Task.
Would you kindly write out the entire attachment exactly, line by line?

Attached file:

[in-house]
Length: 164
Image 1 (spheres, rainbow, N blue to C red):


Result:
[in-house]
Length: 164
Image 1 (spheres, rainbow, N blue to C red):